Take the 2-minute tour ×
Stack Overflow is a question and answer site for professional and enthusiast programmers. It's 100% free, no registration required.

I am trying to do a PCA on some volatility data, and let's just say I can propose a model as the following:

volatility = bata0 + beta1*x + beta2* x^2

where x are some observations, say for example, moneyness and so on. So in Matlab, what I did was to say Y=[ones x x^2] and then do pca(Y) and for some reason, my first row in my coefficient matrix is always something like 0 0 1, i.e., 0 everywhere else except the last column, and output of atent always shows the highest value in the first row as well, no matter how I change the model.

Obviously, this can't be the case where the last term in every single model is explained well by the last term in the equation. And if I remove the constant term in Y (i.e., Y= [x x^2] then the first row of coefficient matrix becomes something more normal (i.e., non-zero value everywhere).

So my questions are:

  1. is my way of doing PCA right?
  2. Does PCA automatically rearrange the principal component and hence the first row in the coefficient matrix with all zeros except 1 at the last column may not necessarily represent the last term in the equation and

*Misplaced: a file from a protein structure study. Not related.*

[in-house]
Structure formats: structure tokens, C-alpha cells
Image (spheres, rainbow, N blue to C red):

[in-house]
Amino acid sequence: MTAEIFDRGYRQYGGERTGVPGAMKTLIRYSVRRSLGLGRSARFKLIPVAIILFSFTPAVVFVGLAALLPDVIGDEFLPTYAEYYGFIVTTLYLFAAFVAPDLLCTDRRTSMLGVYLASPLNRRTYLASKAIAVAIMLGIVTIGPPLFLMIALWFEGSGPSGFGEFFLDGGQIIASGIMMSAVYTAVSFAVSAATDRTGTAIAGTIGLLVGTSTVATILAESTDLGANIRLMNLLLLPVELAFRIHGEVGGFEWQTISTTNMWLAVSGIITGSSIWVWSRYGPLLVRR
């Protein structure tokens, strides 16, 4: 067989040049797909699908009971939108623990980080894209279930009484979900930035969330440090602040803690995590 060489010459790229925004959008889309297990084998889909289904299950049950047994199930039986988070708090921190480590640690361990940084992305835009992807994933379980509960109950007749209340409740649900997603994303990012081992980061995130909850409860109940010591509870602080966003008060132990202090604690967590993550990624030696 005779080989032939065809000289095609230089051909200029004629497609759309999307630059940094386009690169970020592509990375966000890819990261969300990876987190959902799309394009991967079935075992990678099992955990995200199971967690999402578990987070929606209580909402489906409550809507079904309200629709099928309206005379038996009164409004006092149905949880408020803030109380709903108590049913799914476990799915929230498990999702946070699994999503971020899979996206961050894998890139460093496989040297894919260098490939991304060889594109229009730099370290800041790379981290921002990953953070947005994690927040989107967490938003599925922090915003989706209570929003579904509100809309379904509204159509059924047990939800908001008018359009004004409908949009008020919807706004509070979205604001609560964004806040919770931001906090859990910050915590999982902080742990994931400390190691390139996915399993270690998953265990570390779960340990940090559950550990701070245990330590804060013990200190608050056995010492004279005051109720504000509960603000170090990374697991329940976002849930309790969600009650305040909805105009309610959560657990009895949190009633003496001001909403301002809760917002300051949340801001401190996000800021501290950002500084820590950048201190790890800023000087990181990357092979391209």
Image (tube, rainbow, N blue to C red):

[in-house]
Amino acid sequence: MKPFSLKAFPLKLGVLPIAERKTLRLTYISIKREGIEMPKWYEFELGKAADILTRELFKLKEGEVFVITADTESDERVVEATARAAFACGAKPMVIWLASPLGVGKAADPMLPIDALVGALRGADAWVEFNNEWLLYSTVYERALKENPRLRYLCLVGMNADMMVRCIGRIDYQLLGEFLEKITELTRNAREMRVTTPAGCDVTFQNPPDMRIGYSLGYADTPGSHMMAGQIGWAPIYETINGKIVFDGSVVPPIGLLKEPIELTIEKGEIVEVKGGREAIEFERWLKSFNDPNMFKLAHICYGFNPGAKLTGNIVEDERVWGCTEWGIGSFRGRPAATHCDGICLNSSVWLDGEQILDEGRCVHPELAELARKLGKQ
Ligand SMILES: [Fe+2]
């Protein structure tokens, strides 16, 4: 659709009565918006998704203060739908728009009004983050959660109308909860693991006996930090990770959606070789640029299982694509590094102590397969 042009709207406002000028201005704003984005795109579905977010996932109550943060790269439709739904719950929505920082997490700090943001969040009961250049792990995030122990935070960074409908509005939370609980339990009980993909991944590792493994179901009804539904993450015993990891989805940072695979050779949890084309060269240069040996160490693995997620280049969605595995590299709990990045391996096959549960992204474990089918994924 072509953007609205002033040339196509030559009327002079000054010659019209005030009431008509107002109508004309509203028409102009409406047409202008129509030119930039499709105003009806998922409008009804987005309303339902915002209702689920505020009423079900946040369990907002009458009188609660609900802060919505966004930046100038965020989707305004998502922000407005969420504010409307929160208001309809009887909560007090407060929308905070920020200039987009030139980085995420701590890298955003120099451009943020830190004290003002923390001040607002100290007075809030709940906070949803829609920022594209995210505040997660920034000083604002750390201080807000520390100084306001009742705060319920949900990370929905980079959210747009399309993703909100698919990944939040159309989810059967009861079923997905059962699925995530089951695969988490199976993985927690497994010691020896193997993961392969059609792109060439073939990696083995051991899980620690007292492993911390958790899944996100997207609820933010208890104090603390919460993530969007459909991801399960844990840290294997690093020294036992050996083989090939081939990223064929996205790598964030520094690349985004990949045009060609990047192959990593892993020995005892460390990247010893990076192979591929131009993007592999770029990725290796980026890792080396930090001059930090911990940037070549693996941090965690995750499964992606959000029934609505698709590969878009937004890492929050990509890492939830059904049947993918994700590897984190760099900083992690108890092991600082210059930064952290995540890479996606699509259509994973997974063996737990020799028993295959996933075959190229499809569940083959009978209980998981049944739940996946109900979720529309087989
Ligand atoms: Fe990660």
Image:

3. if it is wrong, what is the correct way of doing it?
share|improve this question
    
This isn't a quant finance question. I'm sending it to Stack Overflow. –  chrisaycock Mar 24 '13 at 4:15
add comment

migrated from quant.stackexchange.com Mar 24 '13 at 4:15

This question came from our site for finance professionals and academics.

1 Answer

From Matlab's documentation for princomp:

COEFF = princomp(X) performs principal components analysis (PCA) on the n-by-p data matrix X, and returns the principal component coefficients, also known as loadings. Rows of X correspond to observations, columns to variables. COEFF is a p-by-p matrix, each column containing coefficients for one principal component. The columns are in order of decreasing component variance.

share|improve this answer
    
thanks @michaelv2, is there any way to prevent this re-arrangement or at least labelling clearly in the way they are re-arranged? –  AZhu Mar 24 '13 at 15:16
add comment

Your Answer

 
discard

By posting your answer, you agree to the privacy policy and terms of service.

Not the answer you're looking for? Browse other questions tagged or ask your own question.